The demand for retail bags in the United States is poised for a 2.5% annual growth, reaching $4.5 billion by 2027. This growth is primarily driven by shifting towards higher-priced bags to meet regulatory requirements. Despite a stagnant number of bags being used, the foodservice market's robust expansion is offsetting unit losses in grocery and other retail stores. The implementation of retail bag regulations in various states and municipalities has considerably impacted the industry, creating uncertainty for consumers and manufacturers. While some large markets have already enacted bag bans, potential revisions or enhancements to these regulations may further influence the retail bag market. The preference for paper bags in certain applications and the controversy surrounding the efficacy of bans on thinner plastic bags are notable trends in the evolving retail bag industry.
State regulations, demand, and consumer trends are motivating retailers to modify or develop bag policies for their stores. In order to support these policies, some retail chains are rewarding consumers for using reusable bags and making recycling of single use plastics accessible.
In states that have banned single use plastic bags, Walmart
uses paper bags as their default and gives consumers the option to bring their own bags or containers or to purchase reusable bags in store. In states without these regulations, online ordering conveniently gives consumers the option to use their own bags, baskets, or other containers for pickup or delivery orders, purchase reusable bags, or to use plastic bags the store provides. Most stores also provide bins for used plastic bags, making it convenient for consumers to recycle.
For several years, Whole Foods locations have offered a ten-cent discount
for each reusable bag a consumer brings to the store. While that does not seem like a lot, that discount adds up depending on the number of bags used, and it is a nice reward for sustainable practices. Alternatively, Whole Foods provides paper bags made of “100% post-consumer recycled-content paper bags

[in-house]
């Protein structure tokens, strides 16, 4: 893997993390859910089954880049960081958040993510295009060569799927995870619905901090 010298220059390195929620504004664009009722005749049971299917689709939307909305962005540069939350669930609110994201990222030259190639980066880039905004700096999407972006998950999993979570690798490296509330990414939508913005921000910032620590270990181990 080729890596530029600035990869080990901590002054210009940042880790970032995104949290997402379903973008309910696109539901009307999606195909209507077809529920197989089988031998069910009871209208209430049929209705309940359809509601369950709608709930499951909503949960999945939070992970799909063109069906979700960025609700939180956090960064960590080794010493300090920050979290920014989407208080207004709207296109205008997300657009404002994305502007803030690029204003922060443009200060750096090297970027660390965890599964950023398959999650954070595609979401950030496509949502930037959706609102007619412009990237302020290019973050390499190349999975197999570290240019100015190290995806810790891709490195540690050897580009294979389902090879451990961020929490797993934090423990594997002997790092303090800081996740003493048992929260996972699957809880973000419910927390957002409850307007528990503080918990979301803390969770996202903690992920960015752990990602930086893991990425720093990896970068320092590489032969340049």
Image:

At this time, Target is still providing consumers with plastic bags
, which are made with at least 40% recycled materials (excluding states with bag bans). They also provide reusable bags for purchase and offer a five-cent discount per reusable bag used. The unique feature that Target offers is their recycling kiosks
. Shoppers can recycle aluminum cans, glass bottles, plastic food containers and film, in addition to retail bags.
The retail bags market is embracing sustainability, witnessing a decline in plastic bag usage, and a growing adoption of reusable and paper bags, although the pace of new regulations against single-use plastic bags is expected to slow due to previous statewide bans in key states like California and New York. However, demand for reusable bags will continue to rise driven by increasing environmental consciousness, and a few states like Colorado and Rhode Island are still implementing new plastic bag bans.
To find out more about how these policies are affecting the market, as well as other factors, refer to Freedonia Group’s recently published report, US Retail Bags.